In 2020, the G20 – which includes China – agreed on a Common Framework for addressing debt distress in developing countries. But there has been little additional progress since then. This month, Ghana became only the fourth country to apply for support under the facility.
Meanwhile, the number of countries facing serious debt-servicing issues has continued to grow. Zambia and Sri Lanka have already defaulted on their loans, and their economies are in deep recession. While Sri Lanka – along with Malawi – has tentatively accepted the terms of a new IMF program, the agreement cannot be signed (or the funds disbursed) until the debt is made sustainable. But when the existing debt level is unsustainable, the IMF cannot approve the loan without all significant creditors agreeing to a restructuring.
The resulting paralysis has put many other poor countries in danger. Tunisia cannot meet its budget without international bond financing. Ghana, already struggling under a heavy debt load, was forced in November to issue a six-month treasury bill with a ruinous 36% interest rate. Pakistan, after being devastated by floods last summer, has foreign-exchange reserves equal to only a month’s imports – well below a level deemed safe. And these are just a few of the countries with debt levels that are, or are likely to become, unsustainable.
Without international help, these highly indebted countries will be confronted with ongoing shortages of electricity, fuel and other essentials (as we saw in Sri Lanka last year), leading to economic stagnation or decline. As more countries fall into this trap, humanitarian crises and sharp increases in poverty will follow.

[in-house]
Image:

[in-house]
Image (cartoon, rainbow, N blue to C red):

It is in everyone’s interest to find ways to ensure debt restructuring, along with the necessary economic policy reforms, for countries in dire need. A renewed push on this issue could produce an agreement between China and other creditor countries to the benefit of all. The most promising route, given the IMF’s crucial role in supporting macroeconomic policy reforms, would be to grant the fund greater authority to deem debt unsustainable.
Failure to get ahead of the developing world’s looming debt crises would represent a moral failure, and would also greatly dampen world economic growth, as it would induce greater pressure for protection in advanced countries and spur greater resistance to reforms in developing countries. The result would be prolonged stagnation and depression in debt-ridden economies, with huge humanitarian costs.
Anne O. Krueger is a senior research professor of international economics at the Johns Hopkins University School of Advanced International Studies, senior fellow at the Center for International Development at Stanford University, and a former World Bank chief economist and first deputy managing director of the International Monetary Fund.
Copyright: Project Syndicate